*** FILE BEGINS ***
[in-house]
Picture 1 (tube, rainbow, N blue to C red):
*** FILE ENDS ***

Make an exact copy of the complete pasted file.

[in-house]
Picture 1 (tube, rainbow, N blue to C red):